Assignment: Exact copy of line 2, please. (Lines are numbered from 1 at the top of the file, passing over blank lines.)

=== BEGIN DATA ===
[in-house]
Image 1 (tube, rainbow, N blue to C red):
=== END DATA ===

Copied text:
Image 1 (tube, rainbow, N blue to C red):